When the United States approves the same immigration policy for Mexicans, Central and South Americas as used for Cubans then the USA/Mexico border still must be secured to prevent drugs and other contraband from entering the United States. After the approval of one Immigration Policy for Cubans, Mexicans, Central and South Americans, I support any Mexican, Central and South American caught entering the USA unlawfully or smuggling anything into the United States, be deported and loose any entrance into the United States for the rest of their lives.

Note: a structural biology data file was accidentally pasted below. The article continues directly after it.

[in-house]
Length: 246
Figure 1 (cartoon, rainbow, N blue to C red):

I also believe Mexico must be held accountable for securing the border from unlawful entry of drugs, contraband and unlawful entry of persons from entering the United States.

If Mexico does not prevent unlawful entry of persons, drugs and contraband, the United States of America should impose sanctions against Mexico until such time all unlawful acts end.

The time is long over due, Mexico take responsibility for preventing the unlawful entry of drugs, contraband and unlawful entry of persons from leaving Mexico and entering the United States.

Lastly, if Mexico does not stop drug cartels from manufacturing and smuggling these drugs into the USA and from destroying Mexico by senseless killings and violence, United States Customs and the United States military should be authorized to enter Mexico to restore order and end the manufacture and distribution of drugs entering the Unites States.

Jon Garrido

Owner and CEO of Hispanic News